While there were books published between 1970 and 1990, many of the authors, who had valuable things to say about size acceptance, were hard-pressed to find mainstream publishers who would print their writings. Many of the authors ended up self-publishing (Harry Gossett's 1986 book, Fat Chance!, is a good example), or, in the case of the Fat Underground writings, xeroxing them and advertising their existence in feminist publications.

In my "generation" of fat acceptance supporters (my first exposure to the movement was around 1980, and I joined NAAFA in 1986 after reading about the organization in "Dear Abby"), the books published by the mainstream press that we were exposed to were 1978's Fat is a Feminist Issue, by Susie Orbach, and 1980's Such a Pretty Face, by Marcia Millman. Looking back, I can see that Orbach's book was a non-dieting diet (that is, stop dieting and you'll lose weight), though it's clear that she's now found greener pastures as Princess Di's confidante. Reading Millman's book was a profound experience for me, as it so clearly conveyed the pain that fat people endure in a society that tells us we're less than human-but at the same time communicating a pervasive hopelessness about the fat experience.

By 1994, however, the publishing world was starting to open up to writers who were communicating size acceptance messages, with the publication of such books as Journeys to Self-Acceptance: Fat Women Speak (Crossing Press), Edison and Notkin's Women En Large--Images of Fat Nudes (Books in Focus), and Susan Stinson's Fat Girl Dances with Rocks (Spinsters Ink). And by 1995, the big publishers started to take notice, with Doubleday's publication of Carol Johnson's Self-Esteem Comes in All Sizes, and HarperCollins' publication of Cheri Erdman's Nothing to Lose: A Guide to Sane Living in a Larger Body. In 1996, HarperCollins published Erdman's second book, and Simon & Schuster published Carolyn Hillman's Love Your Looks: How to Stop Criticizing and Start Appreciating Your Appearance. In that same year, Fawcett Columbine published Glenn Gaesser's Big Fat Lies, which received (and is still getting) tremendous media attention. And although 1997 is still young, there have already been three size acceptance-related books published, including Laura Fraser's expose of the diet industry, Losing It (Dutton).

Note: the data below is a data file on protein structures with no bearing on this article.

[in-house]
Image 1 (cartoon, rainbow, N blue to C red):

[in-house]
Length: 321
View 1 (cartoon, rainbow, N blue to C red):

Why this sudden wave of size-related publishing? Many of the books published in the last few years have elements of personal stories or are in some way instructional, and publishers have been publishing both self-help and "confessional" books by the truckload. But more importantly, the publication of all these books may signal that the message that diets don't work has truly been mainstreamed. It appears that many of the book contracts were signed following the National Institute of Health's proclamation that diets don't work, and the Federal Trade Commission's crackdown on the commercial weight loss industry, but before the current mania about diet drugs began. It seems appropriate that the acceptance of these texts by mainstream publishers resulted in part from the efforts of the size acceptance movement.

Of course, another reason may be that, after more than a quarter of a century, there are more people who have been exposed to the teachings of the movement, and more good writers out there who can both expound and expand upon the tenets of the size acceptance movement.

Even with the publication of all these new books, there are two size-related topics that continue to have very little written about them. While there is certainly room for more books of every size-related topic, many of the books recently published have to do with self-esteem and body image. While the 1997 publication of Dee Hakala's Thin is Just a Four-Letter Word marked the second major book covering exercise for fat people, 1990's Great Shape: The First Fitness Guide for Large Women (Lyons and Burgard, Bull Publishing) truly stands alone. More books on fitness and exercise for large women are definitely needed.

Likewise, Ken Mayer's 1993 book Real Women Don't Diet (Bartleby Press) is the only major book written by an FA, for FAs and fat women. Given that his book has received mixed reviews from FAs, it seems that the market is wide open for other books covering this topic.

Hopefully, those in the size acceptance movement will embrace the books that have been published recently, showing publishers that it is in their economic interest to publish more size acceptance-related books. And perhaps more talented writers will come forward with their ideas, research, and experience to give us all a greater understanding of the fat and FA experiences. We can only hope that, in the end, more of the general public - fat and thin alike - will come to see that size acceptance benefits everyone. ß


* All of the books mentioned in this column are available through the NAAFA Book Service *